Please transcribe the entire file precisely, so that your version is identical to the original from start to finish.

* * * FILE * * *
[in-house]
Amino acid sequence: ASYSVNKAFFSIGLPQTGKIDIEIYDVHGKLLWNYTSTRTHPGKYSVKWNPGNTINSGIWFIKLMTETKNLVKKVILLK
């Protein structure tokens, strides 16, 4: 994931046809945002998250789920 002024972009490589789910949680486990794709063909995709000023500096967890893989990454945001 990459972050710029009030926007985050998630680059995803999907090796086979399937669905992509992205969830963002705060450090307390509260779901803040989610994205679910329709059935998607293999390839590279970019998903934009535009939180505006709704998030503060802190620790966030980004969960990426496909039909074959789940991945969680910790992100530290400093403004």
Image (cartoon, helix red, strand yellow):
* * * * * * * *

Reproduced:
[in-house]
Amino acid sequence: ASYSVNKAFFSIGLPQTGKIDIEIYDVHGKLLWNYTSTRTHPGKYSVKWNPGNTINSGIWFIKLMTETKNLVKKVILLK
């Protein structure tokens, strides 16, 4: 994931046809945002998250789920 002024972009490589789910949680486990794709063909995709000023500096967890893989990454945001 990459972050710029009030926007985050998630680059995803999907090796086979399937669905992509992205969830963002705060450090307390509260779901803040989610994205679910329709059935998607293999390839590279970019998903934009535009939180505006709704998030503060802190620790966030980004969960990426496909039909074959789940991945969680910790992100530290400093403004």
Image (cartoon, helix red, strand yellow):